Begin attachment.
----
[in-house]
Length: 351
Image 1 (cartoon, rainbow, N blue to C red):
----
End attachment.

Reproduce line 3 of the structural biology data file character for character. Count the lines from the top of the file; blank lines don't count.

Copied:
Image 1 (cartoon, rainbow, N blue to C red):